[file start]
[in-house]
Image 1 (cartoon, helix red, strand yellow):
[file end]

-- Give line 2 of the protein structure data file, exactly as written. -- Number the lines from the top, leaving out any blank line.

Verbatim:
Image 1 (cartoon, helix red, strand yellow):